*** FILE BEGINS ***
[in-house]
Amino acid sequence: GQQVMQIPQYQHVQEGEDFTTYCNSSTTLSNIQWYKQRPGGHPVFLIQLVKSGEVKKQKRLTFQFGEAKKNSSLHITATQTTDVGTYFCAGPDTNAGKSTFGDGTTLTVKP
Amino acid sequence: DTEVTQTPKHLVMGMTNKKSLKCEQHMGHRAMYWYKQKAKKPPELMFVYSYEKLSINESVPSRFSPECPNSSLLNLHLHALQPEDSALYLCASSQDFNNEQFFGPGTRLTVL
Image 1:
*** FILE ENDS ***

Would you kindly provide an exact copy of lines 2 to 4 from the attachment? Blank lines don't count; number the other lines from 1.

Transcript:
Amino acid sequence: GQQVMQIPQYQHVQEGEDFTTYCNSSTTLSNIQWYKQRPGGHPVFLIQLVKSGEVKKQKRLTFQFGEAKKNSSLHITATQTTDVGTYFCAGPDTNAGKSTFGDGTTLTVKP
Amino acid sequence: DTEVTQTPKHLVMGMTNKKSLKCEQHMGHRAMYWYKQKAKKPPELMFVYSYEKLSINESVPSRFSPECPNSSLLNLHLHALQPEDSALYLCASSQDFNNEQFFGPGTRLTVL
Image 1: